A Legal History of Legal History in England and Wales





legal education, legal history, universities, England and Wales, legal scholarship


This article explores the development of the study of legal history as a subject in the law schools of England and Wales. It outlines changes in university education more generally, and in legal scholarship in particular and how those changes impact the particular subject under study. Drawing on empirical studies and personal reflections relating to past experience it concludes by speculating on potential different outcomes, both positive and negative, which may emerge when the universities of England and Wales emerge from the uncertainty of the COVID-19 pandemic, during which the piece was written.


Download data is not yet available.


Baker, John H. 1979. The Teaching of English Legal History in the United Kingdom (excluding Scotland). Unpublished Discussion Paper held by the author.
Google Scholar

Butterfield, Hebert. 1931. The Whig Interpretation of History. London: George Bell & Sons.
Google Scholar

Churchill, David. 2018. “History, periodization and the character of contemporary crime control.” Criminology and Criminal Justice 18(4): 475–492. https://doi.org/10.1177/1748895818811905
Google Scholar DOI: https://doi.org/10.1177/1748895818811905

Denvir Catrina. Ed. 2020. Modernising Legal Education. Cambridge: Cambridge University Press. https://doi.org/10.1017/9781108663311
Google Scholar DOI: https://doi.org/10.1017/9781108663311

Ireland, Richard W. 2015. “Why Everything We Know About Criminal Justice History is Wrong.” Law, Crime and History 5(1): 130–142.
Google Scholar

Jenkins, Dafydd. 2003. “Legal History at Aberystwyth.” Cambrian Law Review 34: 27–55.
Google Scholar

Lawrence, Paul. 2018. “Historical criminology and the explanatory power of the past.” Criminology and Criminal Justice 18(4): 493–511. https://doi.org/10.1177/1748895818794237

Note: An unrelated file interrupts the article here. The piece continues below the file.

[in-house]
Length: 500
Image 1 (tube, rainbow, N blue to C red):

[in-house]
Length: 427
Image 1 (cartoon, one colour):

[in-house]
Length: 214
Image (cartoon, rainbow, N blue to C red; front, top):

Google Scholar DOI: https://doi.org/10.1177/1748895818794237

Ormrod, Roger. 1971. The Report of the Committee on Legal Education [“The Ormrod Committee”]. Cmnd 4595. S.l.
Google Scholar

Polden, Patrick. 2010. “The Education of Lawyers.” In The Oxford History of the Laws of England. Edited by William Cornish, J. Stuart Anderson, Ray Cocks, Michael Lobban, Patrick Polden, Keith Smith. 1175–1201. Oxford: Oxford University Press. https://doi.org/10.1093/acprof:oso/9780199258819.003.0034
Google Scholar DOI: https://doi.org/10.1093/acprof:oso/9780199258819.003.0034

Sandberg, Russell. 2021. Subversive Legal History: A Manifesto for the Future of Legal History. London and New York: Routledge. https://doi.org/10.4324/9780429200618
Google Scholar DOI: https://doi.org/10.4324/9780429200618

Slatter Michele. Richard W. Ireland. 1985. “Report on legal history in the universities and polytechnics of the United Kingdom.” Journal of Legal History 6: 214–232. https://doi.org/10.1080/01440368508530839
Google Scholar DOI: https://doi.org/10.1080/01440368508530839

Twining, William. 1994. Blackstone’s Tower: The English Law School. London: Stevens & Sons/Sweet & Maxwell.
Google Scholar

Watkin, Thomas G. 2012. The Legal History of Wales. Cardiff: University of Wales Press.
Google Scholar

Williams, Melanie. 2003. “John Van Druten – A Lawyer Drawn To Fame: From ‘Aber Bay’ to Cabaret.” Cambrian Law Review 34: 71–82.
Google Scholar

Yeomans, Henry. 2018. “Historical context and the criminological imagination: Towards a three-dimensional criminology.” Criminology and Criminal Justice 18(4): 456–474. https://doi.org/10.1177/1748895818812995
Google Scholar DOI: https://doi.org/10.1177/1748895818812995




How to Cite

Ireland, R. W. (2022). A Legal History of Legal History in England and Wales. Acta Universitatis Lodziensis. Folia Iuridica, 99, 99–111. https://doi.org/10.18778/0208-6069.99.07